SUMO-1 Sumo-1 Marks Lysosomes in Neurodegenerative Diseases and in Animal and Cellular Disease Models
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visible protein aggregates, or inclusion bodies, within neural cells. The ubiquitin homologue, SUMO-1, has been identified in sub-domains of pathological inclusion bodies in several neurodegenerative diseases. Inclusion bodies are believed to be formed actively in a defensive response to soluble cytotoxic protein aggregates. We hypothesised that SUMO-1 may become associated with lysosomes in this response. Protein aggregation was induced in 1321N1 glioma cells by proteasome inhibition with MG132 or by transient transfection with Q74-EGFP. Fluorescence immunohistochemistry identified co-localisation of SUMO-1 and the lysosomal marker, cathepsin D, in both the transfected cells and MG132-treated cells, increasing over time at 24-96 hrs post-transfection/treatment. SUMO-1-positive lysosomes were also detected following MG132-treatment of 1321N1 cells expressing SUMO-1-GFP and stained with Lysotracker dye. SUMO-1 did not mark lysosomes in untransfected or sham treated cells. To determine if SUMO-1 also marks lysosomes in disease, we examined 5 cases of progressive supranuclear palsy (PSP), 5 cases of multiple system atrophy (MSA) and a rat Parkinson's disease model. Punctate co-localisation of cathepsin D and SUMO-1 was consistently associated with both the tau-positive PSP inclusions and the a-synuclein-positive MSA and rat PD model inclusions. A similar pattern was also found with the OLN-t40 oligodendrocyte model. These findings suggest a role for SUMO-1 in the autophagy-lysosome pathway linked to the response to protein aggregates.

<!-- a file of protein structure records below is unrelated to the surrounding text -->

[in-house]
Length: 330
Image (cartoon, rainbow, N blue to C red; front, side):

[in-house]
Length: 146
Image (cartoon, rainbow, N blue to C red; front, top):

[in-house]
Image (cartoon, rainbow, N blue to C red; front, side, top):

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Cellular Nervous System